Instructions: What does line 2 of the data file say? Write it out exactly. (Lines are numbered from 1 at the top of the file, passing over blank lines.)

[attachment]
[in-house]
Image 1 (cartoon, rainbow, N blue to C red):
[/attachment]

Image 1 (cartoon, rainbow, N blue to C red):